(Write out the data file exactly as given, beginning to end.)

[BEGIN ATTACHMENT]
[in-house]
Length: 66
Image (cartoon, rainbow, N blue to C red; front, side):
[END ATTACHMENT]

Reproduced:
[in-house]
Length: 66
Image (cartoon, rainbow, N blue to C red; front, side):